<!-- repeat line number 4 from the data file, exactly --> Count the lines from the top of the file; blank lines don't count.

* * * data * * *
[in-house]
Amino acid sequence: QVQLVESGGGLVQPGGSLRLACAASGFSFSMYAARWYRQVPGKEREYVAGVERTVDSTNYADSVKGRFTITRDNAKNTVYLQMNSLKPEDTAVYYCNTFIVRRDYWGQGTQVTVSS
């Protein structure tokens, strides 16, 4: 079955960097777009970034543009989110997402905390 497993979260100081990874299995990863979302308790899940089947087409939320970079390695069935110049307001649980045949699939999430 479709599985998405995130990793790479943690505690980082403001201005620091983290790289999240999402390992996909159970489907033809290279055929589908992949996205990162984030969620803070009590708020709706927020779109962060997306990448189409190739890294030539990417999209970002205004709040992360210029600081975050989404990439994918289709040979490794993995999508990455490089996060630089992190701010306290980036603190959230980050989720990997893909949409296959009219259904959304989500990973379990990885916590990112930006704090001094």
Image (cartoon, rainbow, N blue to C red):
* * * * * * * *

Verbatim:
Image (cartoon, rainbow, N blue to C red):